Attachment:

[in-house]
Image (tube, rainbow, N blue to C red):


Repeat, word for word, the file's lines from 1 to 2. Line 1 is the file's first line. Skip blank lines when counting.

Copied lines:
[in-house]
Image (tube, rainbow, N blue to C red):